Mr. Smith’s indictment does not track Donald J. Trump’s, but the cumulative effect is to leave Mr. Bush with few defenders in this season of his discontent. Mr. Smith, a longtime academic and finalist for the Pulitzer Prize, made a name for himself in part with masterly biographies of Dwight D. Eisenhower and Ulysses S. Grant, offering historical reassessments of underrated presidents who looked better with the passage of time. 
With “Bush” he sticks to the original conventional assessment, presenting a shoot-from-the-hip Texan driven by religiosity and immune to the advice of people who knew what they were talking about. While not a fresh portrait, it is one worth debating at a time when the political class is struggling to understand the meaning of Mr. Trump’s rise. 
Mr. Trump’s name appears nowhere in “Bush,” but it is clear the populist revolt that propelled him to the verge of the Republican nomination had its roots in Mr. Bush’s presidency, so much so that he easily overcame the former president’s brother Jeb. Mr. Trump rejects much of what George W. Bush stood for, from the war in Iraq and more forgiving immigration policies to free trade and the very notion of compassionate conservatism. 
As a biographer, Mr. Smith makes no comparisons with today’s Republican leader, but he sides unmistakably with those who see Mr. Bush’s presidency in the darkest shades, if often for radically different reasons. (Mr. Smith abhors waterboarding terror suspects, for example; Mr. Trump wants it resumed.)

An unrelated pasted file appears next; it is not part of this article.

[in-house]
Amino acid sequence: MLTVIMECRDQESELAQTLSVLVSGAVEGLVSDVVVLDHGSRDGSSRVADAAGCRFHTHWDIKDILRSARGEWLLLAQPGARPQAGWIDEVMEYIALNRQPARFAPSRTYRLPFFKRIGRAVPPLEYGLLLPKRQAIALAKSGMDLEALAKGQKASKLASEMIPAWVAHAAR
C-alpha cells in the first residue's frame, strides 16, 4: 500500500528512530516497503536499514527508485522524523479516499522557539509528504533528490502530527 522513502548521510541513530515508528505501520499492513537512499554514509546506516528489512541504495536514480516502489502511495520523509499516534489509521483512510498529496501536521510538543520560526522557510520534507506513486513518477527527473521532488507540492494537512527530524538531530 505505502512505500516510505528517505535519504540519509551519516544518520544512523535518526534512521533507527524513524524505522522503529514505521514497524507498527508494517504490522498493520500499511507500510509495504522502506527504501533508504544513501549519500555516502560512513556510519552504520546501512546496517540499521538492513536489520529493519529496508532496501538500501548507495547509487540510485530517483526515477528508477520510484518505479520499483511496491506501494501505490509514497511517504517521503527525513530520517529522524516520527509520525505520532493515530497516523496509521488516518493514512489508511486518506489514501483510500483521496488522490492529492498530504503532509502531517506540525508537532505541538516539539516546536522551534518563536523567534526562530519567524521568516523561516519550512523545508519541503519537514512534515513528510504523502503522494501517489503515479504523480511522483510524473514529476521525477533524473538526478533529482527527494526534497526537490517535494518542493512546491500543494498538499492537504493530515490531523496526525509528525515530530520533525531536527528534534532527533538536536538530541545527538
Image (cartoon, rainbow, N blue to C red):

Mr. Smith leaves no mystery where he stands on Mr. Bush’s place in history. The first sentence of his book: “Rarely in the history of the United States has the nation been so ill-served as during the presidency of George W. Bush.” The last: “Whether George W. Bush was the worst president in American history will be long debated, but his decision to invade Iraq is easily the worst foreign policy decision ever made by an American president.
In between are more than 650 pages of fast-paced if harsh biography. In this telling, Mr. Bush’s religious piety took on messianic fervor leading him to turn democracy promotion into a mission from God. He didn’t listen to the generals and diplomats. He badly bungled the response to Hurricane Katrina. He presided over the diminution of American values by authorizing torture and bugging. 
“Believing he was the agent of God’s will, and acting with divine guidance, George W. Bush would lead the nation into two disastrous wars of aggression,” Mr. Smith writes. “Bush’s personalization of the war on terror combined with his macho assertiveness as the nation’s commander in chief,” he adds later, “were a recipe for disaster.”

Sunday, September 02, 2012

GOP Convention 2012-- No Appearance or Mention of Bush